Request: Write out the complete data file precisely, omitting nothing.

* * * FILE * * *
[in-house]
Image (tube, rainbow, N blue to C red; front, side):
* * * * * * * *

[in-house]
Image (tube, rainbow, N blue to C red; front, side):